As the New York Post outlines: "It is set in a real Rome. A Rome you really miss…It is set there because a young, conservative, slightly stuffy American businessman has come to retrieve the body of his father, who was killed in an automobile accident. Confronted with bureaucratic pasta and accustomed to his own business power, he blusters futilely until the arrival of a "professional assistant'—a young Italian who, for a fee, will cut through any red tape. And though we have seen this character, more or less, in many stories about Americans in Italy, Mr. Taylor has created him extra special wonderfully. He is a pimp for all sexes and all variations, and takes his own sex any way you choose. He deals with the bureaucracy as he deals with life—optimistically, high spiritedly and with a sure knowledge of his own childishness. The American businessman also meets a young lady, as he would have to in such a play. She is the daughter of his father's lover, who was killed in the car accident. Nor should it come as a surprise to anyone that they have an affair, that the young man is married, that his wife unexpectedly arrives and that he leaves agreeing to meet her for a month in Italy. Just as her father and her mother had been doing for twelve years…So then what it adds up to is grown-up entertainment…so well done and so basically diverting that it can only be taken for the pleasurable thing it is."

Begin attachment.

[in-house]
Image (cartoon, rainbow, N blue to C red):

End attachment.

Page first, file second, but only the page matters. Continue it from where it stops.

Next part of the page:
"Dealing with love and red tape and the magical atmosphere of Rome in the spring, this delightful witty comedy (presented on Broadway as AVANTI!) went on to phenomenal success in London in the newly revised version offered here. "…it is warm and funny and, above all, civilized." —NY Newsday. "…delightful, romantic and adult…" —Women's Wear Daily. "This frolic is such fun! Samuel Taylor has written a joyous comedy." —London Evening News. "Escape into spring for a lovely fling." —London Daily Express.